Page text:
Allison Wegren Metzger ’09 collaborated with Catherine Reinhart to create Common Threads Exhibition. Drawing inspiration from murals by the Iowa artist Grant Wood, Metzger and Reinhart created many works on paper and an interactive sculptural instalation. I spoke with Metzger on the phone to discuss the exhibit, her creative process and her time at Macalester.
If you happen to be in Ames, IA over Fall Break, you can check out the exhibit. It runs throughout October, at the ISU Design on Main Gallery.
Could you briefly describe your exhibit?
Catherine Reinhart and I have created a series of cooperative works on paper, as well as a large scale interactive sculptural installation in the gallery. We have a number of individual pieces that people can add to the existing piece.
All of the work is based on the murals by Grant Wood that are in the Iowa State University library. There are two murals and one of them is divided into a couple sections. One of the murals is a depiction of the breaking of prairie land, so starting to till the soil. The second grouping of murals is various depictions of different kinds of sciences that were the base of Iowa State University when it started. So there was home economics, agricultural sciences and veterinary sciences as well as mechanical, aerospace and aeronautical engineering. Those murals are what we based all our inspiration and our color palette on.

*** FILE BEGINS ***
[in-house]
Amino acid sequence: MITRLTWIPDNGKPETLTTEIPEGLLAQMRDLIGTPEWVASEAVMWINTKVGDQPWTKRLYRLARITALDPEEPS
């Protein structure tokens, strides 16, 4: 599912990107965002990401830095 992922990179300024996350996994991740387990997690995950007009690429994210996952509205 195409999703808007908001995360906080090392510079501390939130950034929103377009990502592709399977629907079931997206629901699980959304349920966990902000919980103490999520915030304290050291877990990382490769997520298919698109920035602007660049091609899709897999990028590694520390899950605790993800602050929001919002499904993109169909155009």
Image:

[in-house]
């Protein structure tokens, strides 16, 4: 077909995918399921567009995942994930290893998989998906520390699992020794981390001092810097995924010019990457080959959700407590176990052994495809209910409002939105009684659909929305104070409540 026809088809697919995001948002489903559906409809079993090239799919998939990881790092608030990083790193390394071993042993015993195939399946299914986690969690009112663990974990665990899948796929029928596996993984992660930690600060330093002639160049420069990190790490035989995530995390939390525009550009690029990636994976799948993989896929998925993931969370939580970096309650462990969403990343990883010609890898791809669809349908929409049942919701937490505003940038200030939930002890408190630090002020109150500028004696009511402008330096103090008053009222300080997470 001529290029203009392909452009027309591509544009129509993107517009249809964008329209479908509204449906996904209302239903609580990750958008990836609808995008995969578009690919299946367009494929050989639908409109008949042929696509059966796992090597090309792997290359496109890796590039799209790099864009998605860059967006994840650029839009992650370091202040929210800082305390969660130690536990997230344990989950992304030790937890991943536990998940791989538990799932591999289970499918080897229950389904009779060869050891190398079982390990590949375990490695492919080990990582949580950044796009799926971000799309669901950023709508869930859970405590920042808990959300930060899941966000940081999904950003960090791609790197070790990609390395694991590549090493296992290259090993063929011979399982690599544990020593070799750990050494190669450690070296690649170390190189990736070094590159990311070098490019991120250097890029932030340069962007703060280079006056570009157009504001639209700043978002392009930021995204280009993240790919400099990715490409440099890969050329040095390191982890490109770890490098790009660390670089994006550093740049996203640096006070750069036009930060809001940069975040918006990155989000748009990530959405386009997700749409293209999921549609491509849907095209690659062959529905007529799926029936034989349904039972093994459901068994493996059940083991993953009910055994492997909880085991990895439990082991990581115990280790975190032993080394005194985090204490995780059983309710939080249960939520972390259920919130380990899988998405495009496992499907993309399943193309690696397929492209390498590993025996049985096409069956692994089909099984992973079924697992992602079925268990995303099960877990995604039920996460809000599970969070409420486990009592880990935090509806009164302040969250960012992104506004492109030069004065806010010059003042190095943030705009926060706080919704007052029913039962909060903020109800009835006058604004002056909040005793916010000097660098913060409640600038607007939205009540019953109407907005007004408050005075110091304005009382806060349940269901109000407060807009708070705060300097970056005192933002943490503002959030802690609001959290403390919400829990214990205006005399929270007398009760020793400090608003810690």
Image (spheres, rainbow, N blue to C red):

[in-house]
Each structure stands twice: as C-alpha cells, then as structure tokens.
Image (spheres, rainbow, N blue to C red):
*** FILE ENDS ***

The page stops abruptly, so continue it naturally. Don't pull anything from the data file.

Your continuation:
How did you and Catherine Reinhart begin working together?
Catherine and I attended the University of Kansas for graduate school together. We were in the same textiles department. She was a year ahead of me, but we always worked on similar themes in our individual work, specifically the themes of community, gender role expectations, as well as growth and traditional domestic and exterior spaces. So when this opportunity to create collaborative work about those themes came up we jumped at the chance to work together.
What techniques or mediums did you use when creating the exhibit?
We did a lot of drawings on paper with either graphite or India ink. We also used gouache, watercolor and natural indigo dye. Because we’re both textile artists, we both did some stitching either directly on the paper or on the fabric that we then attached to the paper. It’s kind of collage-feeling in some of the pieces. In addition, we cut different forms and shapes from different paper and then attached them to the final pieces. We did some screen printing too.
How did you draw inspiration from Grant Wood’s murals?
Sometimes it was through the themes, such as the feelings of community and growth, but also we took the basic ideas of agriculture, the traditional women’s work of child-rearing, food preparation and more textiles-based things. We replicated patterns from the murals in some places. We referenced the land with horizon lines and some more natural forms, like some of the leaves and plants that are native to the area. Also, we took our color palette directly from those murals. We actually went to a hardware store and got paint chips and matched them to the murals.
Could you describe the interactive sculpture?